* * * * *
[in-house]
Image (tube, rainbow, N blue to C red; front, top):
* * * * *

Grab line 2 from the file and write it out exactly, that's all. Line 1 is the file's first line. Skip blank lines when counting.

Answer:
Image (tube, rainbow, N blue to C red; front, top):